When Stanford started using state-of-the-art virtual reality technology to train its players, no one was more excited than offensive coordinator Mike Bloomgren.
He was intrigued as to how it could help his players, to be sure. But he was also excited to experience and use a new piece of technology for himself.
Because for as high tech as so many college football staffs have become, there might not be a bigger techie in all of college football than Silicon Valley’s own Bloomgren.
His backpack? It’s typically carrying at least six pieces of technology ranging from Bluetooth speakers and projectors to iPads and portable wifi docks. And that’s not counting what might be on his body -- his Microsoft Band fitness watch, his Bluetooth or Jerry Harvey custom-molded earphones.
Google Glass? He bought into that. Even wore it to some news conferences.
And SkyMall magazine, that airline catalog that features electronics with unique (and sometimes seemingly pointless) purposes? He was its biggest fan.
“I know SkyMall went out of business and has now come back in a smaller version,” Bloomgren said. “But I think I personally helped keep SkyMall alive for an extra year. I was a marketer’s dream when I sat down on the planes and would look at that. ... I bought a lot of things out of there.”
And now Bloomgren can admit that maybe the floating speaker for his hot tub (which he bought out of SkyMall) might not have been the soundest purchase, but the technology misses of his past have done nothing to dissuade him from the next gadget purchase he eventually makes.
Bloomgren traces his tech love to his childhood. Like other kids, he had the typical kind of technologies -- Nintendo video game consoles and boom boxes. But, his parents also bought him a RadioShack Electronics Lab 101 Kit, an educational toy that allowed Bloomgren to explore 101 different pieces of technology in a single box.
“I liked taking things apart,” Bloomgren said. “You could build all these different things from the set. You could actually make a light bulb light up. You could make a speaker play a note.”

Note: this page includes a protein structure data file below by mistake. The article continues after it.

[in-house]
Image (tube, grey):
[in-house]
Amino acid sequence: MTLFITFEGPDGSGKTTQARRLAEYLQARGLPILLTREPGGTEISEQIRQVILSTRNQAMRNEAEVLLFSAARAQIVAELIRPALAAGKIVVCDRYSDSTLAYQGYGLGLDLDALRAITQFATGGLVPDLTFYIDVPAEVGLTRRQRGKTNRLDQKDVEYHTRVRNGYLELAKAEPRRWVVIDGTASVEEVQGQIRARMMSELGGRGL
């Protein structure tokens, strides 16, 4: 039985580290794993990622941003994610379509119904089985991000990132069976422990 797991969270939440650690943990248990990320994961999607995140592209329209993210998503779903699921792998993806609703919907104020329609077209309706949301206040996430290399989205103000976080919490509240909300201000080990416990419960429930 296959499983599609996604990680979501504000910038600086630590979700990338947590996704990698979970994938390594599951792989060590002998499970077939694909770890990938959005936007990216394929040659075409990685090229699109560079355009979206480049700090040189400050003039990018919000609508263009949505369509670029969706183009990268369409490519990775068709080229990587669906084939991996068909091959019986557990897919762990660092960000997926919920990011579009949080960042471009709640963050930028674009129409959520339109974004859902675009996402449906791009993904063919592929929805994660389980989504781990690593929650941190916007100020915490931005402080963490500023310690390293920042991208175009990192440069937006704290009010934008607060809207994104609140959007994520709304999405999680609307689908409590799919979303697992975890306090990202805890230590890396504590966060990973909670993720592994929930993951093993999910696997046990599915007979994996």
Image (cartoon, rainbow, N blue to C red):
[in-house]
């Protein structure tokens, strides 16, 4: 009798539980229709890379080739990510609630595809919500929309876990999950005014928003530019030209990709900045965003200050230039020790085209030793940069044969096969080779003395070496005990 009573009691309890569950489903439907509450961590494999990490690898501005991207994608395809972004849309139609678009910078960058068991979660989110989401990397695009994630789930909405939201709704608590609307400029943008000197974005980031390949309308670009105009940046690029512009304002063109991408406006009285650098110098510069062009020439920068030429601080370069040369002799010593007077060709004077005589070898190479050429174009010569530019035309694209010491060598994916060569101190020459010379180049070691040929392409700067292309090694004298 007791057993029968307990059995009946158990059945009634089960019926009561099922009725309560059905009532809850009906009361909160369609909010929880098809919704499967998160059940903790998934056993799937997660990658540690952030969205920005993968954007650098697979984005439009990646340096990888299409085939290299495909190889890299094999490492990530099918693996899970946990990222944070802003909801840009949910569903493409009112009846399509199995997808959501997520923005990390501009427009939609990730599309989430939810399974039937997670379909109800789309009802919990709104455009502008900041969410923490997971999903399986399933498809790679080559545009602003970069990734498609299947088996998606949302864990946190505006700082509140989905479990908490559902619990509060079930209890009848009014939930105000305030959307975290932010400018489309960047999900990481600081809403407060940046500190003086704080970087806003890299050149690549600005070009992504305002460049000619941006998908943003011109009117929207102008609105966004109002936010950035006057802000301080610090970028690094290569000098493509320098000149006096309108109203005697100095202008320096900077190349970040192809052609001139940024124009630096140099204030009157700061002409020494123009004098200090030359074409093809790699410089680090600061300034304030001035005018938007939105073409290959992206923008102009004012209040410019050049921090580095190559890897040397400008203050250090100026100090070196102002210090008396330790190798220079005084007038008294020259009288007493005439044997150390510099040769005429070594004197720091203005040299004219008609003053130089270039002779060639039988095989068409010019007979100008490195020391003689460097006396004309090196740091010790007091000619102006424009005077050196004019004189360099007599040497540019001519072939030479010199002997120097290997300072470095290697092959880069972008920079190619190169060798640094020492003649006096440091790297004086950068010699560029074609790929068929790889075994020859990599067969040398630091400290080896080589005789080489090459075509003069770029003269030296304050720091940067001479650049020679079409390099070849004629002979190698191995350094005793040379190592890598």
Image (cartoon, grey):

He was hooked.
His garage is now full of boxes of technology that have either become obsolete or pieces that he’s hoping will one day become useful again. But, like many people, Bloomgren has turned to his phone to now take care of almost everything.
“Our iPhones can now do everything that most of the gadgets I’ve bought in the past 10 years were designed to do,” Bloomgren said.
Like everyone else, Bloomgren can order a cab or food delivery from his phone. He can stay in touch with family and recruits. But he also uses his iPhone to control the thermostat (TC 2.0), open and close his garage door (Chamberlain) and see who might be at his front door (Ring).
But one of his favorite pieces of technology right now is his “Beam,” a piece of technology that allows Bloomgren and his family to feel like he’s home in Palo Alto, even when he’s not.
The Beam is like a full-time FaceTime screen attached to a rolling base. He can call in from anywhere in the country and his face will automatically pop up on the screen at his home, whether his family is home or not. It allows him to sit in for family dinners when he’s in Florida or watch movies with his sons when he’s in Georgia.
He also admits that he uses it to mess with his wife sometimes, “waiting” at the front door for her when she gets home so that the first thing she sees when she walks in the house is his face on a robot body. (Shockingly, this was not purchased out of SkyMall.)
But, the one piece of tech he just can’t be without is his iPhone, which, he says “has allowed me to simplify my life and my backpack.”
And when he’s out and runs in to Apple, Google or Facebook employees (which happens fairly often in Silicon Valley), he often tries to see what the tech companies might have coming down the pipe for gadget nerds like him.
He has yet to get any employee to divulge anything too interesting, but those companies can rest assured that -- early warning or not -- Bloomgren will be near the front of the line to purchase whatever their new product might be. And they’ll get bonus points if it fits in his backpack.